No Need for Sympathy

Fleda Brown served as Poet Laureate of Delaware 2001-2007

Any one poem in Fleda Brown's eighth collection may touch on contemporary science, physics, family, politics, the nature of poetry, and the nature of reality. There are sonnets for all ten grandchildren written by a grandmother, poems about the Big Bang, about child labor, the moon over Paris, and tent caterpillars, all written with humility, humor, curiosity, and a deep love of life.

The dead seem like holes in the universe,
/ each a random fuzz-spot, a sad little purse.

Fleda Brown's awards include the Felix Pollak Prize, the Philip Levine Prize, and the Great Lakes Colleges New Writers Award.

No Need for Sympathy, by Fleda Brown
Growing Old in Poetry

Sydney Lea and Fleda Brown, both poets laureate of their states and both nationally recognized writers who’ve given their lives to their art, have conspired to write an unusual book of essays on a wide variety of topics, covering a lot of territory, both artistic and memoiristic. Some of the pieces, like “Wild Animals,” are downright silly; some, like “Sex, “Music,” and “Food,” are provocative; some, like “Clothes,” “Sports,” and “Houses,” appear ordinary but are ultimately revealing. The last pair of essays fall under the rubric, “Becoming a Poet,” but actually, the whole collection is about Syd and Fleda as people-poets. Poet-people. Poetry never completely goes off-stage in this wide-ranging and exciting conversation between the two.

Growing Old in Poetry, by Fleda Brown and Syndey Lea
Driving with Dvorakrorak
Driving with Drorak, by Fleda Brown
All our lives are made of moments, both simple and sublime, all of which in some way partake of the cultural moment. Fleda Brown is that rare writer who, in narrating the incidents and observations of her life, turns her story, by wit and insight and a poet’s gift, into something more. This is an unconventional memoir. A series of lyrical essays about life in a maddeningly complex family during the even more maddeningly complex fifties and sixties, it adds up to one woman’s story while simultaneously reflecting the story of her times.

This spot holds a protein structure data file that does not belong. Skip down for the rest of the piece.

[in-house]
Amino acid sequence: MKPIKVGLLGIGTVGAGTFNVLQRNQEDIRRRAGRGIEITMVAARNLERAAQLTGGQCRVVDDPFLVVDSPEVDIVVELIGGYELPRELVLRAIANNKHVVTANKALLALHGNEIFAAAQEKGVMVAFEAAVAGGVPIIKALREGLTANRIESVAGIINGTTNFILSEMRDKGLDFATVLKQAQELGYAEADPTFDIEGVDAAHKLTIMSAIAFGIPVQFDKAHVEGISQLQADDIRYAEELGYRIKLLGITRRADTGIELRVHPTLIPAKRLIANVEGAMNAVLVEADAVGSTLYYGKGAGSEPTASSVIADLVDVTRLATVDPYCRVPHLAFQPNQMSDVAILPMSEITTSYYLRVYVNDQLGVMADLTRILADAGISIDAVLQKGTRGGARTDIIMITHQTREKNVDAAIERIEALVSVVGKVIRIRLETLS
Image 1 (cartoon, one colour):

The Woomen Who Loved Elvis All Their Lives
The Women Who Loved Elvis All Their Lives, by Fleda Brown
"What a remarkable collection! Fleda Brown has turned obsession into a series of finely wrought evocations of a period. She knows her music, and she knows that her early stirrings in relation to it were emblematic of a nation's. There's consistently high quality of phrasing in this book, and an astute framing of effects. Which is to say Fleda Brown has been able to raise popular culture into art like few others before her." (Stephen Dunn)
Fishing With Blood
Fishing with Blood, by Fleda Brown
The poet explains the origin of the poetry books unusual title: "A sure way to catch catfish and other bottom-feeders is to squeeze a ball of partially dried cow's blood around a hook. The blood dissolves slowly, spreading its tendrils of odor into the surrounding water. It's like the tight wad of blood relations out of which I keep flinging myself and my words, both to lure whatever is out there and to assure myself of how tightly I'm hooked to the center."
The Times They Were
The Times They Were A-Changing, Kate Farrell, Linda Joy Myers, Amber Lea Starfire, eds.

Including a work by Cookie Ohlson, these forty-eight powerful stories and poems etch in vivid detail the breakthrough moments experienced by women during the life-changing era that was the ’60s and ’70s. These women rode the sexual revolution with newfound freedom, struggled for identity in divorce courts and boardrooms, and took political action in street marches. They pushed through boundaries, trampled taboos, and felt the pain and joy of new experiences. And finally, here, they tell it like it was.